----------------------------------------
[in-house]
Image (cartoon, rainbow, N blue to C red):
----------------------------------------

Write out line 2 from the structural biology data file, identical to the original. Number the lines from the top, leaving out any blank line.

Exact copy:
Image (cartoon, rainbow, N blue to C red):